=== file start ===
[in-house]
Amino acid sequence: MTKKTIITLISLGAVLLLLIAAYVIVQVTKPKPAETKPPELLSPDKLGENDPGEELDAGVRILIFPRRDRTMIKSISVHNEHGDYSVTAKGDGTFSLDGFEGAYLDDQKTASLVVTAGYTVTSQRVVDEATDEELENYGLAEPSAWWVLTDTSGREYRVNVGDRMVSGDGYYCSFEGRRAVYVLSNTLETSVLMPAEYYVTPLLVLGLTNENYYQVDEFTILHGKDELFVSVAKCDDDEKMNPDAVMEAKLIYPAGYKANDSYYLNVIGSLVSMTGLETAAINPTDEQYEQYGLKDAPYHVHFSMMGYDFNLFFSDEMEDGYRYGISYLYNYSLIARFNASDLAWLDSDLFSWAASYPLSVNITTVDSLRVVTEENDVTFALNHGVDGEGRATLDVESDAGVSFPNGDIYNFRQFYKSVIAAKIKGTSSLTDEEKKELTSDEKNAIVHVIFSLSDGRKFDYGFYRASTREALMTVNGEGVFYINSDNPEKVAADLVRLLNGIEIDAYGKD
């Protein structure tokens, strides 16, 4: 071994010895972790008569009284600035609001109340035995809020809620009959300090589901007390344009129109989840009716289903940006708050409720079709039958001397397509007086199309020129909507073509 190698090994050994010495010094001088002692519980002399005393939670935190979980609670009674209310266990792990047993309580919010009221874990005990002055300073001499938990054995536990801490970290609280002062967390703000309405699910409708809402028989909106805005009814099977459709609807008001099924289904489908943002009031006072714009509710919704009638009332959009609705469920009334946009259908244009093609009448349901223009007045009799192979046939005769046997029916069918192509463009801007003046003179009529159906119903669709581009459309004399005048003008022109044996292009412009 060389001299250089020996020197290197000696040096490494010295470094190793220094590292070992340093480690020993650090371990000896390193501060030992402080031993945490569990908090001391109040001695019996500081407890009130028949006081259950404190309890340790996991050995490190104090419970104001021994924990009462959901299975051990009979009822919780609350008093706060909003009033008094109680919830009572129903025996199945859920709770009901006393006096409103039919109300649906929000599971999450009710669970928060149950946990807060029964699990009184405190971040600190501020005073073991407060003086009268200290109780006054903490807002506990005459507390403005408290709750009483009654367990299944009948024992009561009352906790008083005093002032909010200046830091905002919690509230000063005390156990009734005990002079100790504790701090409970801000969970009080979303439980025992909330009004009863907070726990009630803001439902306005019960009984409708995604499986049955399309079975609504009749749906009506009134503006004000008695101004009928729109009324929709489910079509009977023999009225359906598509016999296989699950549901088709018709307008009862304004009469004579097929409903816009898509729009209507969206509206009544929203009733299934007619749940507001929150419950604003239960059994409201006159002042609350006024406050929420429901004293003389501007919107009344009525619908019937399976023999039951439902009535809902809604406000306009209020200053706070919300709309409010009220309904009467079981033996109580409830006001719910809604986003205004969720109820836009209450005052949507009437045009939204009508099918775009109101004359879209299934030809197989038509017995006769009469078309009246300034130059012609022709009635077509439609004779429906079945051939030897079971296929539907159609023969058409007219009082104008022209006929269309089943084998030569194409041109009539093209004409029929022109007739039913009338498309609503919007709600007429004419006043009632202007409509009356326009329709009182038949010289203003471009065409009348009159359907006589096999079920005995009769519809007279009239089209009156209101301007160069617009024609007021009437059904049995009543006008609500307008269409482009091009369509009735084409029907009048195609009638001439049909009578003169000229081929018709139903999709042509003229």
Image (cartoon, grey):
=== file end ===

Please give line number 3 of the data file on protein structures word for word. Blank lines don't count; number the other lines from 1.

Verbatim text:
């Protein structure tokens, strides 16, 4: 071994010895972790008569009284600035609001109340035995809020809620009959300090589901007390344009129109989840009716289903940006708050409720079709039958001397397509007086199309020129909507073509 190698090994050994010495010094001088002692519980002399005393939670935190979980609670009674209310266990792990047993309580919010009221874990005990002055300073001499938990054995536990801490970290609280002062967390703000309405699910409708809402028989909106805005009814099977459709609807008001099924289904489908943002009031006072714009509710919704009638009332959009609705469920009334946009259908244009093609009448349901223009007045009799192979046939005769046997029916069918192509463009801007003046003179009529159906119903669709581009459309004399005048003008022109044996292009412009 060389001299250089020996020197290197000696040096490494010295470094190793220094590292070992340093480690020993650090371990000896390193501060030992402080031993945490569990908090001391109040001695019996500081407890009130028949006081259950404190309890340790996991050995490190104090419970104001021994924990009462959901299975051990009979009822919780609350008093706060909003009033008094109680919830009572129903025996199945859920709770009901006393006096409103039919109300649906929000599971999450009710669970928060149950946990807060029964699990009184405190971040600190501020005073073991407060003086009268200290109780006054903490807002506990005459507390403005408290709750009483009654367990299944009948024992009561009352906790008083005093002032909010200046830091905002919690509230000063005390156990009734005990002079100790504790701090409970801000969970009080979303439980025992909330009004009863907070726990009630803001439902306005019960009984409708995604499986049955399309079975609504009749749906009506009134503006004000008695101004009928729109009324929709489910079509009977023999009225359906598509016999296989699950549901088709018709307008009862304004009469004579097929409903816009898509729009209507969206509206009544929203009733299934007619749940507001929150419950604003239960059994409201006159002042609350006024406050929420429901004293003389501007919107009344009525619908019937399976023999039951439902009535809902809604406000306009209020200053706070919300709309409010009220309904009467079981033996109580409830006001719910809604986003205004969720109820836009209450005052949507009437045009939204009508099918775009109101004359879209299934030809197989038509017995006769009469078309009246300034130059012609022709009635077509439609004779429906079945051939030897079971296929539907159609023969058409007219009082104008022209006929269309089943084998030569194409041109009539093209004409029929022109007739039913009338498309609503919007709600007429004419006043009632202007409509009356326009329709009182038949010289203003471009065409009348009159359907006589096999079920005995009769519809007279009239089209009156209101301007160069617009024609007021009437059904049995009543006008609500307008269409482009091009369509009735084409029907009048195609009638001439049909009578003169000229081929018709139903999709042509003229």